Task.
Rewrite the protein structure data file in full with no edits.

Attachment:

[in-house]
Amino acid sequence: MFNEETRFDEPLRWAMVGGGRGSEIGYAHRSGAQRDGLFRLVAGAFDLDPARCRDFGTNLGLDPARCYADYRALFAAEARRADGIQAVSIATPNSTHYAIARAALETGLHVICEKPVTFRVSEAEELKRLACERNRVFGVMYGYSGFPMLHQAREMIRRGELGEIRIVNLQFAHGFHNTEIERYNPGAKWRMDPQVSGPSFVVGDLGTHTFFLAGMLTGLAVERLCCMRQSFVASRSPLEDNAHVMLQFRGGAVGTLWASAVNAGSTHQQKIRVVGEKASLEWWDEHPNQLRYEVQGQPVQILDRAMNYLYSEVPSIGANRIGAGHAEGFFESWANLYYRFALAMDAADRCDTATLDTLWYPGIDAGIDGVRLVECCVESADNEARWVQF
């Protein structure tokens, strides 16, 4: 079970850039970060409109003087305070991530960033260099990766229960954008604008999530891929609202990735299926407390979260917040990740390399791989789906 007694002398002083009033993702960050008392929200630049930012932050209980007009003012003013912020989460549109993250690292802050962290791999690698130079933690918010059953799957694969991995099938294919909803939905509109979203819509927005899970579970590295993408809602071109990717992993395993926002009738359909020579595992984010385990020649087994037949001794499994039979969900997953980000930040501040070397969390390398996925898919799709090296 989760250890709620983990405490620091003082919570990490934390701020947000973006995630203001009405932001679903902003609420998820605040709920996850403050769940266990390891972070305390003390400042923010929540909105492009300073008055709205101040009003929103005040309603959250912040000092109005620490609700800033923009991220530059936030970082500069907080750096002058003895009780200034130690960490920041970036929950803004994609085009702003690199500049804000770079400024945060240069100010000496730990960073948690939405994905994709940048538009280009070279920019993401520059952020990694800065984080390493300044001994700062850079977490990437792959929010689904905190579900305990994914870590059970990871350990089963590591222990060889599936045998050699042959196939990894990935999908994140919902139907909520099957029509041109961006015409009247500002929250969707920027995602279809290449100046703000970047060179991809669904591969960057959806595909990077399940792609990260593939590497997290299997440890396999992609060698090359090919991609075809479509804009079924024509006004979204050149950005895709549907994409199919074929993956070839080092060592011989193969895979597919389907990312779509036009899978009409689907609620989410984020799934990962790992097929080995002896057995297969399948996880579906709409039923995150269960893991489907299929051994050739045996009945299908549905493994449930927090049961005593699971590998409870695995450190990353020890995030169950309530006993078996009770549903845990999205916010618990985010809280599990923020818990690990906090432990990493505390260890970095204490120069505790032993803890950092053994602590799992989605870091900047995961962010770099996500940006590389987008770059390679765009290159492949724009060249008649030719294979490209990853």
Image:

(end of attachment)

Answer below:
[in-house]
Amino acid sequence: MFNEETRFDEPLRWAMVGGGRGSEIGYAHRSGAQRDGLFRLVAGAFDLDPARCRDFGTNLGLDPARCYADYRALFAAEARRADGIQAVSIATPNSTHYAIARAALETGLHVICEKPVTFRVSEAEELKRLACERNRVFGVMYGYSGFPMLHQAREMIRRGELGEIRIVNLQFAHGFHNTEIERYNPGAKWRMDPQVSGPSFVVGDLGTHTFFLAGMLTGLAVERLCCMRQSFVASRSPLEDNAHVMLQFRGGAVGTLWASAVNAGSTHQQKIRVVGEKASLEWWDEHPNQLRYEVQGQPVQILDRAMNYLYSEVPSIGANRIGAGHAEGFFESWANLYYRFALAMDAADRCDTATLDTLWYPGIDAGIDGVRLVECCVESADNEARWVQF
């Protein structure tokens, strides 16, 4: 079970850039970060409109003087305070991530960033260099990766229960954008604008999530891929609202990735299926407390979260917040990740390399791989789906 007694002398002083009033993702960050008392929200630049930012932050209980007009003012003013912020989460549109993250690292802050962290791999690698130079933690918010059953799957694969991995099938294919909803939905509109979203819509927005899970579970590295993408809602071109990717992993395993926002009738359909020579595992984010385990020649087994037949001794499994039979969900997953980000930040501040070397969390390398996925898919799709090296 989760250890709620983990405490620091003082919570990490934390701020947000973006995630203001009405932001679903902003609420998820605040709920996850403050769940266990390891972070305390003390400042923010929540909105492009300073008055709205101040009003929103005040309603959250912040000092109005620490609700800033923009991220530059936030970082500069907080750096002058003895009780200034130690960490920041970036929950803004994609085009702003690199500049804000770079400024945060240069100010000496730990960073948690939405994905994709940048538009280009070279920019993401520059952020990694800065984080390493300044001994700062850079977490990437792959929010689904905190579900305990994914870590059970990871350990089963590591222990060889599936045998050699042959196939990894990935999908994140919902139907909520099957029509041109961006015409009247500002929250969707920027995602279809290449100046703000970047060179991809669904591969960057959806595909990077399940792609990260593939590497997290299997440890396999992609060698090359090919991609075809479509804009079924024509006004979204050149950005895709549907994409199919074929993956070839080092060592011989193969895979597919389907990312779509036009899978009409689907609620989410984020799934990962790992097929080995002896057995297969399948996880579906709409039923995150269960893991489907299929051994050739045996009945299908549905493994449930927090049961005593699971590998409870695995450190990353020890995030169950309530006993078996009770549903845990999205916010618990985010809280599990923020818990690990906090432990990493505390260890970095204490120069505790032993803890950092053994602590799992989605870091900047995961962010770099996500940006590389987008770059390679765009290159492949724009060249008649030719294979490209990853």
Image: